Kevin Martin

Kevin Martin has ended his “Poker From Zero” bankroll challenge with a $500 poker profit, well short of his $5,000 goal. [Image: / Kmart Poker]

Topped out in low four-figures

Poker pro and content creator Kevin Martin has called it a day on his “Poker From Zero” bankroll challenge. Attempting to start from a non-existent poker bankroll and run it up to $5,000, he finished only 10% of the way to his goal.

streamed his life on Twitch 24/7, even when he slept and showered

Playing on GGPoker, for which he is a Brand Ambassador, Martin live streamed his life on Twitch 24/7, even when he slept and showered (the camera was only trained on the upper half of his body in the shower). Each day, his production team posted a daily recap to his YouTube channel.

But in the end, he hit the 500-hour mark with only about $500 in poker profit. At his peak, he hit about $1,300.

“In terms of the poker, I have to be humble about it. We just take the ‘L,’ man, we just take the ‘L,’” Martin said in a closing video on X. “I won, but like we just failed at the challenge.”

Martin added: “We just didn’t get there. We just didn’t crush. I’ll take responsibility, bro, I could have played better.”

A little side hustle to start

To begin the “Poker From Zero” challenge, Kevin Martin moved into a temporary home in an undisclosed location in Ontario, Canada with minimal belongings. Perhaps the biggest obstacle in the run was how to get going with no money.

That’s where it wasn’t exactly poker from zero. Probably because GGPoker offers little to no opportunity to win money in freerolls (and even if it did, it would be a daunting way to start), Martin allowed himself to earn a starting bankroll by other means. Right off the bat, he gave himself $0.10 for every new YouTube subscriber. Then he took a few items to a pawn shop and sold them for $200 and it was off to the races.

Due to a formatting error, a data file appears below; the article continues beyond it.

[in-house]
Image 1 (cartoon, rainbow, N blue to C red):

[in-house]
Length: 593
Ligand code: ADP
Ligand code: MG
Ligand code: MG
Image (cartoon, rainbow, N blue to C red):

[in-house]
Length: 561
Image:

Kevin Martin is no stranger to having every moment of his life filmed. He was a contestant on Big Brother Canada twice, winning the competition in Season 5.

He finished Day 1 with $89, so he lost quite a bit. On Day 2, he took some gig work to make some more money in addition to hitting the GGPoker tables. So again, it wasn’t a pure poker grind from absolutely nothing, but considering the lack of freeroll opportunities, Martin’s flexibility in that regard is understandable.

“Beautiful game of skill”

Martin said the challenge would go until he reached $5,000 or 500 hours, which ever came first. And after three weeks of putting his life out there non-stop for everyone to see, those 500 hours came with his bankroll at just $860, or about $500 from poker alone.

always take care of your money”

“Poker very often is this beautiful game of skill, but there’s a lot of things that can’t go your way,” Martin concluded. “Many good players have busted, and I’d recommend playing the game on the side passionately, just always take care of your money.”

Martin is not going to keep any of the money he made, planning to round it up to $1,000 and award it to one of his YouTube subscribers.

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